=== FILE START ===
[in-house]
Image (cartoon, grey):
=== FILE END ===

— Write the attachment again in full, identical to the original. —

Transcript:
[in-house]
Image (cartoon, grey):